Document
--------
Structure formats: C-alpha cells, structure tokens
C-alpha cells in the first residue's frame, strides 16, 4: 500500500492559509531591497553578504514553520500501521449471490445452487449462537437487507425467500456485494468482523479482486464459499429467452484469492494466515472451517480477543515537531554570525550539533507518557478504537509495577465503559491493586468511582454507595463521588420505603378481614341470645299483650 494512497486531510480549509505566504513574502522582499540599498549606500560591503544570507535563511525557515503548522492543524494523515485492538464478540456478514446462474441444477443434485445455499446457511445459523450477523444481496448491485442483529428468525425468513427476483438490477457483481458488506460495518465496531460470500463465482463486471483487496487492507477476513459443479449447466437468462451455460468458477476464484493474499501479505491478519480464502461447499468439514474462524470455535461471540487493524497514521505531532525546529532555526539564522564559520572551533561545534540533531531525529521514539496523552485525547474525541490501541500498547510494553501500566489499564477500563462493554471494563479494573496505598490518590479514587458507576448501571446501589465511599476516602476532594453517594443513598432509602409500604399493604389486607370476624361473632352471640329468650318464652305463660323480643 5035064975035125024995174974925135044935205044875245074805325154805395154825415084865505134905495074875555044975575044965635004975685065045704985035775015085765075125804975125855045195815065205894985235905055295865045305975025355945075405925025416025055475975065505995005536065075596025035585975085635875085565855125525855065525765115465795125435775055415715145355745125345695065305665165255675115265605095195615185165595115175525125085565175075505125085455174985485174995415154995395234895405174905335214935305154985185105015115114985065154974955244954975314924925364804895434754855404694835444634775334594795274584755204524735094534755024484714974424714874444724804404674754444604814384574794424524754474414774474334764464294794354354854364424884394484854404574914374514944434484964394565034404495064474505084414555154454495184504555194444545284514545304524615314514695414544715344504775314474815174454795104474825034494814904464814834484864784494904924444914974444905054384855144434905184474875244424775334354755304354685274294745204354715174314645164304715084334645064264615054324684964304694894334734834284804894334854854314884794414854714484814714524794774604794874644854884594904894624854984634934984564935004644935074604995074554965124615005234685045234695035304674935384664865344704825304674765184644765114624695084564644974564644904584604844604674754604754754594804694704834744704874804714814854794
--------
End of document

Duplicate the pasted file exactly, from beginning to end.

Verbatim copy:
Structure formats: C-alpha cells, structure tokens
C-alpha cells in the first residue's frame, strides 16, 4: 500500500492559509531591497553578504514553520500501521449471490445452487449462537437487507425467500456485494468482523479482486464459499429467452484469492494466515472451517480477543515537531554570525550539533507518557478504537509495577465503559491493586468511582454507595463521588420505603378481614341470645299483650 494512497486531510480549509505566504513574502522582499540599498549606500560591503544570507535563511525557515503548522492543524494523515485492538464478540456478514446462474441444477443434485445455499446457511445459523450477523444481496448491485442483529428468525425468513427476483438490477457483481458488506460495518465496531460470500463465482463486471483487496487492507477476513459443479449447466437468462451455460468458477476464484493474499501479505491478519480464502461447499468439514474462524470455535461471540487493524497514521505531532525546529532555526539564522564559520572551533561545534540533531531525529521514539496523552485525547474525541490501541500498547510494553501500566489499564477500563462493554471494563479494573496505598490518590479514587458507576448501571446501589465511599476516602476532594453517594443513598432509602409500604399493604389486607370476624361473632352471640329468650318464652305463660323480643 5035064975035125024995174974925135044935205044875245074805325154805395154825415084865505134905495074875555044975575044965635004975685065045704985035775015085765075125804975125855045195815065205894985235905055295865045305975025355945075405925025416025055475975065505995005536065075596025035585975085635875085565855125525855065525765115465795125435775055415715145355745125345695065305665165255675115265605095195615185165595115175525125085565175075505125085455174985485174995415154995395234895405174905335214935305154985185105015115114985065154974955244954975314924925364804895434754855404694835444634775334594795274584755204524735094534755024484714974424714874444724804404674754444604814384574794424524754474414774474334764464294794354354854364424884394484854404574914374514944434484964394565034404495064474505084414555154454495184504555194444545284514545304524615314514695414544715344504775314474815174454795104474825034494814904464814834484864784494904924444914974444905054384855144434905184474875244424775334354755304354685274294745204354715174314645164304715084334645064264615054324684964304694894334734834284804894334854854314884794414854714484814714524794774604794874644854884594904894624854984634934984564935004644935074604995074554965124615005234685045234695035304674935384664865344704825304674765184644765114624695084564644974564644904584604844604674754604754754594804694704834744704874804714814854794